Entrepreneurs seeking assistance at Agropark are mostly aged between 30 and 40. Women are increasingly approaching the park with their business ideas.
Agropark is run by a 40-member team. It works out of 14,500 square feet, which includes the trial production units. Agropark also helps entrepreneurs based out of it to lease abandoned industrial units under the state government or local self-government bodies. They can use this space for a reduced rent until they think they are ready to set their own base.
Veterinary university pitches in
The Kerala Veterinary and Animal Sciences University (KVASU) based at Pookot in Wayanad district has set up a special directorate to support entrepreneurs. The university is about to launch a student entrepreneurship programme in the four colleges under it. Apart from the veterinary colleges at Pookot and Mannuthy in Thrissur district, the university has a College of Dairy Science and Technology at Mannuthy and a College of Avian Sciences and Management at Thiruvazhamkunnu in Palakkad district.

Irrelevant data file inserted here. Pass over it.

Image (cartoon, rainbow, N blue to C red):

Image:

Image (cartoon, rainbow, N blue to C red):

The university is also teaming up with the Kerala State Industrial Development Corporation to launch start-up ventures in veterinary and associated sectors in the Bio Sciences Park in Thiruvananthapuram. Plans are afoot to market meat, fish, eggs, milk and vegetables by forming small-scale units.
Manoj Kumar, an entrepreneur from Kothamangalam, has been working at the incubator facility at the Agropark for five months.